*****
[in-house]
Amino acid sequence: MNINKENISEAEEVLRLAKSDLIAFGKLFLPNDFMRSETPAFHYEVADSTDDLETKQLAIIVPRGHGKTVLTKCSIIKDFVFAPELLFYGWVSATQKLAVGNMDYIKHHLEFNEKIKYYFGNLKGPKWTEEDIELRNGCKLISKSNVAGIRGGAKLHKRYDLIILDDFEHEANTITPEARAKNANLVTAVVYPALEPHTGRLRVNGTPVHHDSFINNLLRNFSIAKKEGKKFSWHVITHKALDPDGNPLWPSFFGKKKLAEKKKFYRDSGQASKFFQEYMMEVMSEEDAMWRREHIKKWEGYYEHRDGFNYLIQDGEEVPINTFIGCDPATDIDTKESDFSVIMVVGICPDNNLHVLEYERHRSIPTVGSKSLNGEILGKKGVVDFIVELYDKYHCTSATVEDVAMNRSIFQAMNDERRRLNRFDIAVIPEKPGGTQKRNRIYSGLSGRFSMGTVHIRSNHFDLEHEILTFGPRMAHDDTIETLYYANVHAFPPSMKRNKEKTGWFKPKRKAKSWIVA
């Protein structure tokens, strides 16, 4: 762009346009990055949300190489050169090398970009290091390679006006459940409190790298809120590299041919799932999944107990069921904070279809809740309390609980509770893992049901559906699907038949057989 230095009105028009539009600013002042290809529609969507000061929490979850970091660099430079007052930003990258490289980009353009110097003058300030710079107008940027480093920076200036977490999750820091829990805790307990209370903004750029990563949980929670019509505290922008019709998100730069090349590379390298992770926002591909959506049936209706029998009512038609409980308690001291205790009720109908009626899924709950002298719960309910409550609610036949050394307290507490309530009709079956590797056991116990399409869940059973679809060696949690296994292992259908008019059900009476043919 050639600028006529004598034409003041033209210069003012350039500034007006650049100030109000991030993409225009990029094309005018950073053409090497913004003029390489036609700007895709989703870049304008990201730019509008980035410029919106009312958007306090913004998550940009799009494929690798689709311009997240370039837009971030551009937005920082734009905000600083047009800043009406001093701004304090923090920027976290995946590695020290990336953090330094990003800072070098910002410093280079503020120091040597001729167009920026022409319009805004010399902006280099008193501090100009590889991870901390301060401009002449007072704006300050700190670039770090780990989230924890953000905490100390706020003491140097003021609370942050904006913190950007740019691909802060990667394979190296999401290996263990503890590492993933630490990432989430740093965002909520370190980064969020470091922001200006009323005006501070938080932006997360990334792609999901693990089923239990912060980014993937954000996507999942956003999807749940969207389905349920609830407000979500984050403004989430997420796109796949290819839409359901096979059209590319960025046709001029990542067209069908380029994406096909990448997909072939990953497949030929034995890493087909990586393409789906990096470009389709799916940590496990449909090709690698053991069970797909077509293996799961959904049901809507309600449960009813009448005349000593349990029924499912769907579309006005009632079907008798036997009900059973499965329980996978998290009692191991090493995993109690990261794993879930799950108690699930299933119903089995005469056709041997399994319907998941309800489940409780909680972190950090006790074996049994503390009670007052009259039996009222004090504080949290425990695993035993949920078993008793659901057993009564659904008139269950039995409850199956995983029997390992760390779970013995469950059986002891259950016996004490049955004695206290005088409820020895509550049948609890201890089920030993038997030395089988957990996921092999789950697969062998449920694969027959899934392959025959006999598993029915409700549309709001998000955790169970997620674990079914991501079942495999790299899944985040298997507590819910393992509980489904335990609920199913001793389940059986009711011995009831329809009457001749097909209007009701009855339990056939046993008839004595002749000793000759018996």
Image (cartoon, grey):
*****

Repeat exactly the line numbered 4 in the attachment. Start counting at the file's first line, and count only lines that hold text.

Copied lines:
Image (cartoon, grey):